Three New Tools Savvy Entrepreneurs Shouldn't Ignore
Starting your own business can be expensive. It's important for entrepreneurs to minimize their expenses as much as possible, whether that's insourcing customer service methods, changing your wireless carrier or spending less on quality electronics.
Hesitant to spend $300 for a pair of headphones? We've got an alternative. From Twitter tricks to cutting down on your cell phone bill, here are three new tools fit for any entrepreneur.
Twitter can be dangerous for brands. It’s a way to build trust -- customer-service requests made there increased 2.5 times since 2014 -- but also a public forum for mudslinging. So Twitter launched two features to encourage quieter discussion: With DM Prompt, a brand can add links to tweets that, when clicked by the user, generate private, direct messages; and a survey tool called Customer Feedback lets people privately share their opinions on those interactions. “A lot of times the real resolution [on Twitter] happens after a business asks a customer for personal information and that information is exchanged,” says Jeff Lesser, a Twitter product marketer. “Customers can be uneasy about sharing that data publicly. Now there’s a safe and easy way to pass it along.” -- Matt Villano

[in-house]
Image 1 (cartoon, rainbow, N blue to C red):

Between the draconian contracts, impossible-to-decipher bills and borderline-bonkers international roaming charges, we’ve been fuming about wireless bills since the flip-phone days. Google’s new Project Fi seeks to assuage our anger. Its software keeps your data draw to a minimum by smartly switching across a network of more than a million secure hotspots, using LTE towers only when it absolutely has to. (It can even switch from wi-fi to LTE while you’re in the middle of a call). There are no annual contracts, and plans start at just $20 per month, with extra data clocking in at $10 per gigabyte -- even in 120 different countries. And if you buy more data than you need, you’re refunded the balance. For now, the service is available only on certain Google Nexus phones -- but it’s a promising start to tame the wireless Wild West. -- Seth Porges
Some people buy expensive, fancy headphones just to leave them at the office. Those people are a little nuts. For the rest of us, with our inexpensive earbuds, there’s the BoomCloud 360 BoomStick. The $99 dongle connects between your headphones and your music player, and makes your tunes sound bigger and better. The stick seeks out differences in left and right stereo tracks and extrapolates that information to create an audio immersion -- like stepping out of a muffled closet and into the concert hall. The only downside: The BoomStick needs to be charged -- that’s one more thing for you to worry about! -- but we found the battery lasted through several days of regular rocking out. —S.P.